While some companies are suffering losses from excess inventory, others are making bank from it. Liquidity Services fall in the latter category.
Liquidators, like Liquidity Services, often buy excess and returned merchandise from retail giants, which they then sell to resellers and regular consumers typically at a much lower price. As retailers’ warehouses pile up with goods that are no longer seeing high demand, tapping liquidators is one of the methods retailers use to make room for other items.
Several retailers have recently alerted investors and analysts that their inventory levels climbed as a result of supply chain delays as well as consumer spending shifting away from goods and more towards travel. Target said its product inventories were up 43% from the previous year, while Walmarts increased by 32%. Orders that can’t be canceled or sold at a discount tend to make their way to liquidators — and thanks to this phenomenon, demand for the services liquidators offer has grown significantly, leading to new partnerships and growth.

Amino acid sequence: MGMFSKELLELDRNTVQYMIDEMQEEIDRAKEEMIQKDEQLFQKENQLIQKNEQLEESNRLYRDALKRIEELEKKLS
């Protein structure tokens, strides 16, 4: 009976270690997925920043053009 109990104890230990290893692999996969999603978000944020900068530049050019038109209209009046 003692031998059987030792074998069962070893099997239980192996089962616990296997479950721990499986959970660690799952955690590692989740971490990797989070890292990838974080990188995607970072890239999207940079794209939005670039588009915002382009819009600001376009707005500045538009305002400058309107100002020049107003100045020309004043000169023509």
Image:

“We have certainly been growing. That’s been going on through the pandemic and even accelerating after the pandemic,” said JD Daunt, chief commercial officer for Liquidity Services. “We find ourselves, Liquidity Services, in a pretty privileged position.” In its most recent earnings, Liquidity Services’ revenue was up 11% year-over-year to $68.3 million.